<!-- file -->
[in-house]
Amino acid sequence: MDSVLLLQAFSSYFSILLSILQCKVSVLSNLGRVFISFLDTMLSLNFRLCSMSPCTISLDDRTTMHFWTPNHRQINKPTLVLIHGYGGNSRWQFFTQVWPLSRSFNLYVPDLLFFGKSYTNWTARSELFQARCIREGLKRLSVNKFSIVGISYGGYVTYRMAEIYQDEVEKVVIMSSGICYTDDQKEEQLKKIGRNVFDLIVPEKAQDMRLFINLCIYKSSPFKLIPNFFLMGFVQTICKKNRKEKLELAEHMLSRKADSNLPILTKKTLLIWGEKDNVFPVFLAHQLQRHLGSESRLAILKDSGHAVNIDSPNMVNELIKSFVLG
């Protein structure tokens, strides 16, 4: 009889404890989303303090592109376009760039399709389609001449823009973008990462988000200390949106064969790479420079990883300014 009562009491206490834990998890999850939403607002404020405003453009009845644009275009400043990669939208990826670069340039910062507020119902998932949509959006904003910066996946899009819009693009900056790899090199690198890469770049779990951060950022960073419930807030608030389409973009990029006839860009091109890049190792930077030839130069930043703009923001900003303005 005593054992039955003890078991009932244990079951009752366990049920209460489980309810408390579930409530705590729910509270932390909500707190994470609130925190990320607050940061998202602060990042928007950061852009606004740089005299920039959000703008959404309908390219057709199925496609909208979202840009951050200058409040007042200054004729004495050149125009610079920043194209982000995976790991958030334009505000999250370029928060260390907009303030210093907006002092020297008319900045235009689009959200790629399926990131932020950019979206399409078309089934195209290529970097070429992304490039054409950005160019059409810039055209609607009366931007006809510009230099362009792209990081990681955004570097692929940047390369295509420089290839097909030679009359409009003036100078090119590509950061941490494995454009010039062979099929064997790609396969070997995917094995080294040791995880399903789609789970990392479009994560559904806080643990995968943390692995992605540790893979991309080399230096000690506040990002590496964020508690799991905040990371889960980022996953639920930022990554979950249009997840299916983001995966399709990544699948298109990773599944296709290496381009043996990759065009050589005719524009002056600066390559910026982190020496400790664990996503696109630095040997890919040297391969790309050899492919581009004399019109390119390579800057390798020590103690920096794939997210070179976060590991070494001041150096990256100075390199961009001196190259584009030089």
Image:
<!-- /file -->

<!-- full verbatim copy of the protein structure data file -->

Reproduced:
[in-house]
Amino acid sequence: MDSVLLLQAFSSYFSILLSILQCKVSVLSNLGRVFISFLDTMLSLNFRLCSMSPCTISLDDRTTMHFWTPNHRQINKPTLVLIHGYGGNSRWQFFTQVWPLSRSFNLYVPDLLFFGKSYTNWTARSELFQARCIREGLKRLSVNKFSIVGISYGGYVTYRMAEIYQDEVEKVVIMSSGICYTDDQKEEQLKKIGRNVFDLIVPEKAQDMRLFINLCIYKSSPFKLIPNFFLMGFVQTICKKNRKEKLELAEHMLSRKADSNLPILTKKTLLIWGEKDNVFPVFLAHQLQRHLGSESRLAILKDSGHAVNIDSPNMVNELIKSFVLG
């Protein structure tokens, strides 16, 4: 009889404890989303303090592109376009760039399709389609001449823009973008990462988000200390949106064969790479420079990883300014 009562009491206490834990998890999850939403607002404020405003453009009845644009275009400043990669939208990826670069340039910062507020119902998932949509959006904003910066996946899009819009693009900056790899090199690198890469770049779990951060950022960073419930807030608030389409973009990029006839860009091109890049190792930077030839130069930043703009923001900003303005 005593054992039955003890078991009932244990079951009752366990049920209460489980309810408390579930409530705590729910509270932390909500707190994470609130925190990320607050940061998202602060990042928007950061852009606004740089005299920039959000703008959404309908390219057709199925496609909208979202840009951050200058409040007042200054004729004495050149125009610079920043194209982000995976790991958030334009505000999250370029928060260390907009303030210093907006002092020297008319900045235009689009959200790629399926990131932020950019979206399409078309089934195209290529970097070429992304490039054409950005160019059409810039055209609607009366931007006809510009230099362009792209990081990681955004570097692929940047390369295509420089290839097909030679009359409009003036100078090119590509950061941490494995454009010039062979099929064997790609396969070997995917094995080294040791995880399903789609789970990392479009994560559904806080643990995968943390692995992605540790893979991309080399230096000690506040990002590496964020508690799991905040990371889960980022996953639920930022990554979950249009997840299916983001995966399709990544699948298109990773599944296709290496381009043996990759065009050589005719524009002056600066390559910026982190020496400790664990996503696109630095040997890919040297391969790309050899492919581009004399019109390119390579800057390798020590103690920096794939997210070179976060590991070494001041150096990256100075390199961009001196190259584009030089």
Image: